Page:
However, what about the smart or just competent criminals and honest and reasonably smart citizens who use, not Facebook’s mail or messaging apps or other social media to communicate their secrets but use anyone of several end-to-end, zero access (which means all messages are encrypted at rest on servers and that no one, not even the provider, can decrypt them) messaging and/or email services which are located beyond the jurisdiction of what are known as the 14-eyes countries. I can think of at least five such services and regularly use three, and am obliged to do so because I have a duty to maintain clients’ secrets and confidences. I also use them for my personal communications because I greatly value my privacy and security. Unless those services are lying to me in their claims, communications on them are already beyond the reach of the U.K., Australia, and the U.S. and everyone else. Smart malefactors don’t use Facebook to communicate. They use end-to-end, zero access messaging and email services, which are located in jurisdictions where neither the three countries, supra, or any 14-eyes country has any authority.

But, of course, that is not true for Facebook, which is a juridical citizen of and is located in the United States. So this move to lobby and compel Facebook to build backdoors is a war on retarded criminals, but not just them, because many others, who have an honest, lawful need for confidentiality or who are simply exercising their constitutional right, at least the United States, to have private and secret communications, simply because they value their privacy or simply because they want to, also use end-to-end encrypted and zero access messaging and email. And I am given to understand that there are similar rights to lawful private and secret communications for citizens of other Western democracies. What of all of those honest users of private messaging? And what of the smart criminals?

There is no way to build backdoors into any encrypted communications or storage system or operating system that won’t eventually be discovered and used by nefarious people. To maintain otherwise is either disingenuous or downright mendacious. What governments’ right to search, seize, and surveil has depended on till now is government’s power or technical prowess to breach any security to reach the thing or communications that it wanted. Now, government is having trouble doing that, so it wants the authority to outlaw impenetrable encryption systems and compel providers to help them by building backdoors into encrypted system, that is, order providers to build flawed systems, with flaws that make them vulnerable and that eventually every nefarious person will discover and exploit.

The problems with that being effective are obvious. First, there are some providers, which are located in jurisdiction that won’t enact laws to compel backdoors, and those providers won’t go along to build the inherently flawed backdoor-systems. Second, neither people who need or just want confidentiality will use such systems, reducing governments’ target to the poor, hapless retard of a criminal or to desperate people struggling to be free from oppression, who such laws will throw into the jaws of oppressive regimes, and/or will expose to harm those who are trying to expose misfeasance and malfeasance and other wrongdoing. Third, while a layman couldn’t design and manage an effective encrypted system of communications, doing so doesn’t require great resources or extraordinary technical skill, so it is practical for, let’s say a graduate computer science student, to build a custom end-to-end encrypted system of communications, which is what I expect really sophisticated terrorists and other criminals do, rather than risk that the United States, for example, would compromise Signal or ProtonMail.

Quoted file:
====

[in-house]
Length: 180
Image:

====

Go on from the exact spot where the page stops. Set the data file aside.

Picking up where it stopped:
Yet, there are terrorists, pedophiles, and other very bad people, who would commit catastrophic enormities and lesser but still tragic crimes. So what is the way out of this dilemma? There may not be one. Even if the U.S., U.K., and Australia succeed in lobbying or legislating against Facebook et al., there is no apparent way to overcome the three problems that I present, supra. Even covert opts against end-to-end encrypted and zero-access communications systems would be discovered and either remedied or avoided, and many of the best secure communications systems use open-source software and facilities that are audited to guard against being compromised. And even when successful, that very success will lead to the breach of the secure communications system being discovered.

So the U.S., U.K., and Australia can war against the retarded and hapless criminals on Facebook, whether backdoor-encrypted or not, but there is no way to go back to tapping the phone at the central station, which means the three problems presented, supra, will be a constant challenge for law enforcement, intelligence agencies, and for our courts and the rights of our citizens in liberal democracies (liberal in the John Locke sense of that word).